Created By: ParadiscaCorbasi on September 10, 2011 Last Edited By: ParadiscaCorbasi on March 20, 2012
Disadvantage Of Youthful Royalty
Youthful royalty get ordered around just like ordinary non-royal youth.
When a young person inherits or discovers they are royalty, or sometimes The Chosen One, the people around them begin treating them reverently and respectfully. At first. But as time goes on, everyone goes back to treating them like the kid they were before the discovery. If they do something silly, the adults will reprimand them. If they decline to do something an adult wants, the adult will command them to do it anyway, leaving out any of the "your highness" or "your majesty" honorifics. Truth in Television, to a degree anyway. Historically, kings who have not achieved majority are de jure under the care of and de facto under the rule of their chancellors/regents. Usually Played for Laughs, as kids in positions of power are still young and the adults know best. Needs a Better Title
- Harry Potter suffers this. When he first enters the wizarding community, everybody is murmuring about him being the Boy Who Lived, and treating him reverently. Thanks to Rita Skeeter, though, people begin treating him like his fame has gone to his head.
- In The Chronicles of Narnia, Prince Caspian. By the rules of sucession, he should have been king at the start of the second book, but instead, his uncle rules in his place as lord regent.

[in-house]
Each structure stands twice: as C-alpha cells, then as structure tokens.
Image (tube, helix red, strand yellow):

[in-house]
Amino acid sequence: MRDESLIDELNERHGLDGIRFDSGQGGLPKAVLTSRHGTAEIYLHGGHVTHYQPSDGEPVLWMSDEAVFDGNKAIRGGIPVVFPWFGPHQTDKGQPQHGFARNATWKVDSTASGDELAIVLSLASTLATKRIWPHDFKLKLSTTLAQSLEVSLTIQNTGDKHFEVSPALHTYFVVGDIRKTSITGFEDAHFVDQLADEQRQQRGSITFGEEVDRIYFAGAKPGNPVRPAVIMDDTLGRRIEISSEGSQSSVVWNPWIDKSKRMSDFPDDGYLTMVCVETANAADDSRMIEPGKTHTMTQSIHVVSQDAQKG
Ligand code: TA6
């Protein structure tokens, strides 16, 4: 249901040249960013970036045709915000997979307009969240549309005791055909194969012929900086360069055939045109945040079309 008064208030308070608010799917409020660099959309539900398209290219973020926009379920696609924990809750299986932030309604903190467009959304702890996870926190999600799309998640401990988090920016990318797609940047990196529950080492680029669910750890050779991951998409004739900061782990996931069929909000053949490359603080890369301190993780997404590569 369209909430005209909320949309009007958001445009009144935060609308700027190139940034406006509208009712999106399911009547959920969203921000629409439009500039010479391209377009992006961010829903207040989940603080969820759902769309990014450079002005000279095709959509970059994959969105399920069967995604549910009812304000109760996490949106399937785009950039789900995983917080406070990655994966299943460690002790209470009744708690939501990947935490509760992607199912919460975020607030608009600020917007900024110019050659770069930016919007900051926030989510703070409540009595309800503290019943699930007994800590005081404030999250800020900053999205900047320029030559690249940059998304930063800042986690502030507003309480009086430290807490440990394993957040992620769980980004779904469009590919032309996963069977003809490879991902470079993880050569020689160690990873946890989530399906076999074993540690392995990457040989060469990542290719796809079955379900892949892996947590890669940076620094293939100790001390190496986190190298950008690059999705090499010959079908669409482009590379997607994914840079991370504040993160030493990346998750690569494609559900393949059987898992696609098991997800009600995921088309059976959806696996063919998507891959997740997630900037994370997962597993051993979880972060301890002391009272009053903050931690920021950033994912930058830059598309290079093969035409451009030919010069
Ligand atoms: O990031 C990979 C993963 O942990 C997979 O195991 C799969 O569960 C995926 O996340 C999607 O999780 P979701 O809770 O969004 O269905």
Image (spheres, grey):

- Pair of Kings: the twins get yelled at by Mason to go straight to their room. They protest "We're kings. You can't talk to us like that!" Mason simply puts his hands on his hips and scowls at them. They acquiesce, muttering about how it's a good thing they were going to their room already.
- Young Blades: Young King Louis is ordered about by his mother and the Cardinal.
- Thundercats (2011)
- Panthro refused to acknowledge Lion-O as king at all, thinking him unworthy as compared to his father. After Lion-O proves himself in the old warrior's eyes, when asked to allow Lion-O to drive the Thunder Tank, Panthro smirkily replies, "Not a chance. [Beat] Your Highness."
- After Lion-O returns from a long trip for supplies, in which he also learned a valuable lesson, the other 'Cats demand to know what took him so long. This is a partially justified example, as Tygra, who is older, and adopted, resents that Lion-O got the throne and he did not. He has always smirkily teased Lion-O and did not change that once Lion-O inherited the crown.
- Aang suffered this problem from friends and strangers alike in Avatar: The Last Airbender, though his was a justified example -- many people were angry that the Avatar had been missing for 100 years, letting the war continue unabated.
- A fairly dark example in "The Princess and the Po" in Kung Fu Panda: Legends of Awesomeness. The Princess is ordered into slavery.
- In Drowtales, growing up in the top - ranking noble families in the Sharen and Sarghress clans is no picnic.
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